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Amherst College says shutdown will cost it $10M

  • Johnson Chapel on the Amherst College quad is seen last April.

Staff Writer
Published: 4/4/2020 6:43:32 PM

AMHERST — Costs associated with Amherst College’s decision to move instruction online, and sending students home for the remainder of the semester in the face of the COVID-19 pandemic, could exceed $10 million, according to a memo sent to students and families by the president of the board of trustees.

In a letter titled “Rising to Meet the Challenge,” and addressed to the “Amherst Family” sent Tuesday, Andrew J. Nussbaum, a 1985 graduate, writes that maintaining the college’s excellence will require more than hard work, and that part of the effort will be replenishing the Amherst Fund and the COVID-19 Student Support Fund.

“Financially, the College remains secure, though we will experience substantial increased costs to honor the commitments we have made,” Nussbaum writes. “We estimate that the overall financial impact to the College of the move to remote learning may exceed the $10 million raised by the Amherst Fund last year.”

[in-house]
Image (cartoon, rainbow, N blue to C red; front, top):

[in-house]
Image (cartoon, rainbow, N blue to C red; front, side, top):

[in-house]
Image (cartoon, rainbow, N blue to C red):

The Amherst Fund, made up of the Alumni Fund and The Parents’ Fund, raises money from 12,000 alumni, parents and friends. It is directed to the college’s top priorities, and makes up 5% of the total operating budget.

The college has a $2.4 billion endowment, though that is likely to be diminished in the current economic downturn.

The estimate on the impact of the COVID-19 response follows from a note sent to faculty and staff in late March by Kevin Weinman, the college’s chief financial and administrative officer, who outlined both one-time costs and disruptions to normal operations over the next several months.

The ways in which the college is racking up possibly $10 million in spending because of the pandemic in:

■Meeting the financial needs of students for travel costs and technological solutions needed for their return home and preparations for their online studies.

■Processing refunds for room and board for the second half of the spring semester.

■Augmenting salaries for essential staff required to work on campus.

■Promising that every student worker and staff member will have uninterrupted income for at least the remainder of the semester, no matter their circumstances.

Scott Merzbach can be reached at

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